OAKLAND -- The blood donors who kept Dillon Low alive for five years never knew his name.
On Friday, at the American Red Cross Oakland Donor Center, four of the donors met face to face with 6-year-old Dillon and his grateful family.
"We are deeply humbled and awed by your gift," Dillon's mother, Carol Low, told donors Gail Grassi, of Oakland; Joseph Gebis, of Berkeley; Mark Troxell, of Castro Valley; and Hal Teasdale, a longtime Moraga resident who recently moved to Oakland.
The donors walked down a red carpet to meet Dillon and his parents, Carol and Alex Low, of San Ramon, as a crowd of about 80 Red Cross workers cheered.
The event, the first of its kind for the American Red Cross in the Bay Area, came about after Carol Low asked to meet the donors to thank them for giving her son the gift of life.
Low told the crowd that she and her husband, Alex, knew something was wrong moments after Dillon was born. He was pale and his lips were blue. Within an hour, he received his first blood transfusion.
"Little did we know this would be the first transfusion of many," she said.
Dillon was born with Diamond Blackfan anemia, a rare genetic disorder that keeps bone marrow from producing an adequate supply of red blood cells. There are only 700 known cases of the disorder worldwide.
The condition made Dillon lethargic and often irritable, and it slowed his growth.
The only treatments are corticosteroids or
The American Red Cross recruited a small group of donors with the right blood match to donate blood to Dillon. Over the first five years, Dillon went monthly to the John Muir Medical Center in Walnut Creek where he received 80 transfusions totaling six gallons of blood.
Due to confidentiality laws, the donors knew Dillon only as the "John Muir baby."
"All I knew was that there was this baby who needed my blood," Grassi said. "I worried about him."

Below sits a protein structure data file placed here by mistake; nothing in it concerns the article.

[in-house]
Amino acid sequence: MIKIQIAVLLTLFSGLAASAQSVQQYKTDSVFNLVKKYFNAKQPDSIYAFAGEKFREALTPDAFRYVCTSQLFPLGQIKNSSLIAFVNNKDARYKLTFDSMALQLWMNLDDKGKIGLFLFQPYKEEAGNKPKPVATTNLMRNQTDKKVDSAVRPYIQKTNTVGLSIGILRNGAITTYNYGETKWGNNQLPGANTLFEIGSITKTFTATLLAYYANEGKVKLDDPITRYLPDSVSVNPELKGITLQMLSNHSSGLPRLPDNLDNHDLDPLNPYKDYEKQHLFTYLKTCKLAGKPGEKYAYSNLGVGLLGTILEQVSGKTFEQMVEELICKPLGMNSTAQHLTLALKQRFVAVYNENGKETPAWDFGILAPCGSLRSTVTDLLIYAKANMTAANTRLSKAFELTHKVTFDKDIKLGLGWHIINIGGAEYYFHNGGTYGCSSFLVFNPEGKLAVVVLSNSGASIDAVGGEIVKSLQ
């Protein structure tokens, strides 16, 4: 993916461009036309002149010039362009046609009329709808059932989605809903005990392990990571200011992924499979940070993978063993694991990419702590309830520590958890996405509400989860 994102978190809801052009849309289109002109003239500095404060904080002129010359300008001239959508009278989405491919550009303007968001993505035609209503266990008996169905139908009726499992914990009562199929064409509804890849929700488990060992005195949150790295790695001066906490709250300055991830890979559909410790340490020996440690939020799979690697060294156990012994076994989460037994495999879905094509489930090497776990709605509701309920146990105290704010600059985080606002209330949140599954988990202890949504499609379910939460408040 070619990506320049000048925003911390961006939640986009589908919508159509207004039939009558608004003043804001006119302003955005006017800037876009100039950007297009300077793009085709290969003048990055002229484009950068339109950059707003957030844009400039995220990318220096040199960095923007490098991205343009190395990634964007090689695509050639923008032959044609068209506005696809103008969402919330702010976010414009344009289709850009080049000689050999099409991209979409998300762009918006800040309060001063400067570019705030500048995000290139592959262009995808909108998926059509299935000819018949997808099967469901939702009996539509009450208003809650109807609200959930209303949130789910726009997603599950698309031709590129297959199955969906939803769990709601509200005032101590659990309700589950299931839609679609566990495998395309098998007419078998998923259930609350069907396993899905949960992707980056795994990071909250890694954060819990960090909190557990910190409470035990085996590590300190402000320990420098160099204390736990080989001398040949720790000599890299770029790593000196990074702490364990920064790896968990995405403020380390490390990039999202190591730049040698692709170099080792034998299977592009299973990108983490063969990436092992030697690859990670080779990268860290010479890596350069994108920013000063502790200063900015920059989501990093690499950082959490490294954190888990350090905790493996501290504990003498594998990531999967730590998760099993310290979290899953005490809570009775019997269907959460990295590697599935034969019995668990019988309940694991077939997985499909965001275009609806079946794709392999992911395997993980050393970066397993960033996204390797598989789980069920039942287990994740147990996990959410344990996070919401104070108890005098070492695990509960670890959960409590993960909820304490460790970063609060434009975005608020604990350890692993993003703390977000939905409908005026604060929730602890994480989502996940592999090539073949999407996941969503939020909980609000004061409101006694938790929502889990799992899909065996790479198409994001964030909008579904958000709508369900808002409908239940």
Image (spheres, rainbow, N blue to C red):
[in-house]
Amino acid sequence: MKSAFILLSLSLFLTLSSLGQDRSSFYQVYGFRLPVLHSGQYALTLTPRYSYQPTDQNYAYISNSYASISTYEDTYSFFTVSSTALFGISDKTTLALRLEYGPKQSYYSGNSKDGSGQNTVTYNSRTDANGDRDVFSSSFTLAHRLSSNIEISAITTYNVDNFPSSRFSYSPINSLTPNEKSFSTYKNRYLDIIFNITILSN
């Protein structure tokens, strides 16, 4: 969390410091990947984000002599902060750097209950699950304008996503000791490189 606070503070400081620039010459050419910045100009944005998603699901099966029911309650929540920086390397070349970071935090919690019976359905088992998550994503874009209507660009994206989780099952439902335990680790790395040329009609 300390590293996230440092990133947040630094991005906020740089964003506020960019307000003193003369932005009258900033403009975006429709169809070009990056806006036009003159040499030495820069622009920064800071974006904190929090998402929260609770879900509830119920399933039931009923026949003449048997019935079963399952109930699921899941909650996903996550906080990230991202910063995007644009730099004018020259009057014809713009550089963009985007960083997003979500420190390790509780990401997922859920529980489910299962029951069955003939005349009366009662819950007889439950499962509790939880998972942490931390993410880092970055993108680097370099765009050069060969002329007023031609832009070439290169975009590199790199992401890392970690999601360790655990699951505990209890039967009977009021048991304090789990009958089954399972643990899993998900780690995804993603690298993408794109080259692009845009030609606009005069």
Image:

Dillon's parents conceived a second son, Brody, through in vitro fertilization. The DNA of Brody, 3, was screened and found to be a 100 percent blood match with Dillon. In May, some of Brody's bone marrow was injected into Dillon's bloodstream.
The procedure did the trick, and Dillon was cured. He no longer needs blood transfusions and is now attending kindergarten.
"He's a regular boy running around," Carol Low said.
"To hear that he was cured was really a spectacular thing," Grassi said.
Gebis, who started donating 20 years ago as his small way of helping people, said seeing Dillon brought home the reality of giving blood.
"I thought it would be rewarding," he said of meeting Dillon. "But it was so much more than I was expecting."
Red Cross technician Paul Patterson had drawn blood from donors for the John Muir baby. "We take their blood, send it and hope that it goes somewhere that does some good," he said. "It's nice to see the end result of what we do."
Jeff Meyer, CEO of American Red Cross Northern California, said his organization receives about 400 blood donations per day. About 10 percent of the blood supply in Northern California is imported from other parts of the country. The blood goes mainly to trauma victims, cancer patients and patients undergoing elective surgeries, Meyer said.
Because it is only good for 42 days, "We need a constant replenishment of blood," Meyer said.
For details on how to donate blood, go to www.redcrossblood.org/northernca.
Contact Jason Sweeney at 925-847-2123. Follow him at Twitter.com/jason_sweeney.